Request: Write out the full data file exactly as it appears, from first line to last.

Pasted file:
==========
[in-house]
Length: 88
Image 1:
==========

[in-house]
Length: 88
Image 1: